In this broader, self-compassionate perspective, we see more profoundly into our sorry story tendencies and the way they close us off from life. For example, when we perceive the source of our unhappiness to be something outside of ourselves, we identify with the sorry story of “happening to me”. In so doing, we have given our energy away to victimhood and powerlessness. When there, we mistakenly believe that other people or situations are the cause of our pain. This thwarts our growth. We blame. We resent. Rather than making positive changes in ourselves, which lead to making healthy decisions in the world, we act out our suffering on those around us. In turn, we all suffer.

But when we are willing to learn from our mistakes and painful situations, we begin to see life as a gift, as a supportive process, rather than something “happening to me”—even if a situation is challenging, such as it is today for us all. We then discover that we have choice. The ability to create a life we love begins with one healthy decision at a time. If we are willing to admit our faults and shortcomings, we can feel compassion for those of others as well. Then we find the courage to see even more clearly.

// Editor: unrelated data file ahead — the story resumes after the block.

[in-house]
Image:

When we are willing to move into deep quiet, we can feel the thrum of a collective pulse beating through the world. It is that of greed. The humble truth is, it is even in ourselves. It is the shared voice within that tells us that life is never enough and we must always have more. This is the voice of entitlement, a powerfully destructive disease of mind, body and spirit. It is based in wanting and disconnect. In entitlement, we are convinced we need something external to make us feel fulfilled, as opposed to having a healthy sense of self, anchored within. If entitlement consumes our mind, we have no empathy for others or the world, because the only thing that feels real is an endlessly hungry “me”.